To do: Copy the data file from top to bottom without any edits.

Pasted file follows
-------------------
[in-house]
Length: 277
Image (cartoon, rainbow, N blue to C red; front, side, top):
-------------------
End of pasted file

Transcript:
[in-house]
Length: 277
Image (cartoon, rainbow, N blue to C red; front, side, top):